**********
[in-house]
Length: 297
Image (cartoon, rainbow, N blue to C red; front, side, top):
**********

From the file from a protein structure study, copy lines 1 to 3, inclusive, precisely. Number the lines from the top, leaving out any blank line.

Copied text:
[in-house]
Length: 297
Image (cartoon, rainbow, N blue to C red; front, side, top):